Kisster, the precious faced little dilute tortie on the right I adopted while I was still in Georgia. What a bill of goods I got sold with her! I got her home only to find out she has some weird condition that causes her to cough like she's trying to cough her insides out. She takes medication for it, but we're always trying to keep it under control and just barely doing it. It doesn't seem to affect her too badly, but that coughing is awful. Also, I was informed that she was spayed, but about a year after moving to Montana, she started getting a little round in the middle, if ya know what I mean. Now, I gotta admit I was really mad at the folks I adopted her from about this, but as with most things, it turned out alright. I was with her when she gave birth which was a very cool experience, we got to have 4 cute little fuzzballs running around the apartment for a few weeks, providing days upon days of entertainment, and we managed to find them all homes. (Don't mention the one that ended up hawk food - we think.)
The other one - Tuner is fairly new to our home. Tuner was so named by her previous owner because she'd sit on his shoulder and help him tune his guitar. She's still fairly young - under 2 years old and has a lot of kitten in her. It's hard to get her to sit still for a picture! She and Kisster did not do well at first and actually I think they still pretty much just tolerate each other. In the past, I've had male cats - I think Kisster was my first female. I've always heard not to put two grown females together and now I know why!
In my opinion, cats are the greatest housemates in the world. They can take care of themselves for a few days at a time. They take their own baths. They are loving, but not needy. They make great sounds and vibrations from their bodies that feel great to my body. My life is a lot more sacred and a lot more fun with these two around.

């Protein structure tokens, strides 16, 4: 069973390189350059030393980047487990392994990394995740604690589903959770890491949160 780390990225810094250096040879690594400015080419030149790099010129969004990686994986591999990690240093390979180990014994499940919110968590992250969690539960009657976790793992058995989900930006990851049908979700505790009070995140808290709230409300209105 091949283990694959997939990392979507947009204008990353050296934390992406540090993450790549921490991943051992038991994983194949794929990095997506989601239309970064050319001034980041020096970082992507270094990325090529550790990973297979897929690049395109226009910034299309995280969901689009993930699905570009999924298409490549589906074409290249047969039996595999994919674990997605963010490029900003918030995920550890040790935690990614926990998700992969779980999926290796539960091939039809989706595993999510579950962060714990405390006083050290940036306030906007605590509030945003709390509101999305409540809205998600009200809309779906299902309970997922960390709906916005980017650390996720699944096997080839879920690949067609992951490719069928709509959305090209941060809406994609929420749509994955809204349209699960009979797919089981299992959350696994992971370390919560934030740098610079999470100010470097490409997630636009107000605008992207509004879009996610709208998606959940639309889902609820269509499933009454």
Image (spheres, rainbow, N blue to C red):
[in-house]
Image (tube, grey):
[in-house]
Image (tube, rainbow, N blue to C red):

Hi. I'm Angela. Eclectic Recovery is my blog and I welcome you to its pages.
ER began as an exploration into my ongoing issues with addiction/mental illness and the solutions I employed and experiences I went through attempting to navigate a course to health. Mostly they have been unsuccessful and ridiculous. Such, I find, is much of life.
My own problems with addiction have led me to catch onto the fact that virtually the entire world is addicted and that a forced detox is imminent. Peak oil, climate change & continued destruction, imperialism, corruption, global financial and food insecurity - these things will not go away just because we don't look.
My recent intense self-education into these issues still feels way behind the curve. At the same time, I realize that the majority of folks still can't stomach the topics and are in deep denial of our dilemma. But becoming informed and taking action, accepting responsbility and stepping up to the plate are going to, at the very least, make it much easier when you release that last breath. At best, you could get to be part of a revolution for change that will move us from an oiil-based, patriarchally defined way of life towards a reverence based society wherein all life is honored and we become, again, just another part of that life.
There's a lot of information out there and I believe I've gotten pretty good at separating the wheat from the chaff. I am called to provide anyone who happens to visit ER the good information I'm finding and attempt to engage them in action.
ER is no longer just a personal blog. It's political, too.